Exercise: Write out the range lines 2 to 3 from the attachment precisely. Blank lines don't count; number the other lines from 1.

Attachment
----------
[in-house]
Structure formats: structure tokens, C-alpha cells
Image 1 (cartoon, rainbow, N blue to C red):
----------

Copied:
Structure formats: structure tokens, C-alpha cells
Image 1 (cartoon, rainbow, N blue to C red):